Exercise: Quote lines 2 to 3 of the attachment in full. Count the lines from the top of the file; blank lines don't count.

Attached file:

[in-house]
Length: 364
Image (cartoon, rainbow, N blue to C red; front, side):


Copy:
Length: 364
Image (cartoon, rainbow, N blue to C red; front, side):